Lone Eagle still enjoys taking it easy on a solo flight

Glen Frey
Glen Frey
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Eagles founder Glenn Frey has just released his first solo album in 20 years – and pal Clint Eastwood is responsible Andy Welch discovers.

The USA’s West Coast has long been famed for its relaxed vibe. Whether it’s the endless sun and surf or the acres of space, there’s definitely something fuelling the region’s laid-back, can-do attitude.

Glenn Frey, founding member of The Eagles, might not have been born in California – he’s from Detroit, Michigan – but when he speaks now, full of positivity and like there’s all the time in the world, it’s easy to see how he’s been shaped by his years spent staring at the Pacific Ocean.

If he’s become a product of his environment, much of the music he made as part of The Eagles with Don Henley, Joe Walsh, Bernie Leadon and Randy Meisner couldn’t have come from anywhere else either. The band, who formed near the Hollywood Hills in Laurel Canyon in 1971, made their name on the back of country-inspired, radio-friendly hits such as Hotel California, Desperado, Peaceful Easy Feeling and a song called Take It Easy.

The formula worked brilliantly. Their Greatest Hits album, originally released in 1976, has sold more than 40 million copies worldwide, putting them among the top 30 best-selling artists of all time.

Now, 20 years after his last solo album, Frey, 63, has recorded another collection. Taking it easy is still at the heart of the album, but this time, instead of the sun-kissed harmonies he’s known for, After Hours features covers of his favourite standards.

“I’ve wanted to make this sort of record for a long time,” he says. “A couple of things happened that were benchmark moments.

“Back in the early Nineties I was partner in a restaurant. My business partner asked me to make some CDs of songs I would want to hear in the restaurant – Tony Bennett, Ray Charles, Frank Sinatra, Ella Fitzgerald, Peggy Lee, Dinah Washington, Billie Holiday, Sarah Vaughn, Mel Torme, all those singers.”

Frey put together 10 hours of music to play for the diners. The next step came 10 years later when Frey, a keen golfer, was playing in a tournament in, California, organised by friend Clint Eastwood.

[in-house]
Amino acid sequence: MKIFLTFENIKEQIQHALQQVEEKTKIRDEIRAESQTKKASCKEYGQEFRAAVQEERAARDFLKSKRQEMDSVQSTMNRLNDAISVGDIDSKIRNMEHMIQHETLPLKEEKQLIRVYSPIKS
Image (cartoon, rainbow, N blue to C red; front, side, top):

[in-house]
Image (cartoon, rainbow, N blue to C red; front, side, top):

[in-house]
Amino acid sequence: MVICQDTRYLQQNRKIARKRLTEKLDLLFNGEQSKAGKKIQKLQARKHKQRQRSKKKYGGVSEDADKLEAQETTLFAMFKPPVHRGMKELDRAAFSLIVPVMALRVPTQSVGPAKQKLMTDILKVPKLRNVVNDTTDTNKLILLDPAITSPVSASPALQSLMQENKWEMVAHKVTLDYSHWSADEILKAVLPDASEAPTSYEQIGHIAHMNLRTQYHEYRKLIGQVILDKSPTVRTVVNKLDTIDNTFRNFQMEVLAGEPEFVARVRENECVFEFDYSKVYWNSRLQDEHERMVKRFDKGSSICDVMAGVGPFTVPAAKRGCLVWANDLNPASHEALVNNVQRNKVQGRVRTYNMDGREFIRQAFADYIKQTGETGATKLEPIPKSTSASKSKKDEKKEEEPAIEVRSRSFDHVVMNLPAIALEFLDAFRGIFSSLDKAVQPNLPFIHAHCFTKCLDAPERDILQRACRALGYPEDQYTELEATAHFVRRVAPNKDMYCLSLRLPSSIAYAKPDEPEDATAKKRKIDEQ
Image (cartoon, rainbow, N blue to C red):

“At Pebble Beach, Clint is the king. He’s a big music fan, jazz in particular, and one of the things he does is organise a party the night before the tournament.

“Clint asked me to play one of my hits, and something from the Forties, because he has the Jack Shelton Orchestra there to play Big Band songs.”

While doing so, Frey discovered he has the same vocal range as Tony Bennett, so could sing Bennett’s songs without the need to change the key. He performed I Wanna Be Around one year, The Good Life the next, and I Left My Heart In San Francisco third time round.

It was only when he was having dinner that the idea of recording the album came up.

After Hours was pieced together over the course of a few years, in between Eagles tours and recording sessions. “It was great not having any pressure,” Frey recalls.

Among the covers (For Sentimental Reasons, The Good Life and a stripped-back take on the Beach Boys’ Caroline, No), there’s one Frey original. It’s the title track and was written for 1984 album The Allnighter but didn’t make the final cut.

“I had been waiting to release that song, and this seemed too perfect an opportunity to miss. ”

When not in his studio, Frey spends time trawling through archives for a documentary about The Eagles, to be released next year.

Relationships between the band’s members are reputed to be frosty. Don Felder, fired in 2001, famously sued the rest of the group over earnings. It was later settled out of court. Other rumours abound that since their reformation in 1994, each member has travelled separately and stayed in different hotels.

Frey thinks the reputation is unwarranted. “That sort of stuff is blown out of proportion,” he says.

“On the surface it may seem that we don’t get on, but everybody in our band is just passionate.

“People don’t know a great deal about the band, which has been to our advantage, so this [documentary] will hopefully be a real insight into what being in The Eagles was, and is, like.

“I want people to see that, 99% of the time, we had an absolute blast.”

Glenn Frey’s high-flying career with the Eagles

Glenn Frey was born in Detroit on November 6, 1948.

He moved to Los Angeles with a girlfriend in the late Sixties and began writing songs and performing. He briefly shared an apartment with Jackson Browne, with whom he wrote many songs.

He met Don Henley in 1970 and the pair formed The Eagles. They released their self-titled debut in 1972.

They released five more albums but broke up in 1980.

Film director Cameron Crowe said he based the guitarist central character in Almost Famous on Frey.

After Hours is out now.